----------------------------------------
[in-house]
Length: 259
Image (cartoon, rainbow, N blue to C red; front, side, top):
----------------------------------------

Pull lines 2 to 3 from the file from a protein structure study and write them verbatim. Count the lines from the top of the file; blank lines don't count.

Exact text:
Length: 259
Image (cartoon, rainbow, N blue to C red; front, side, top):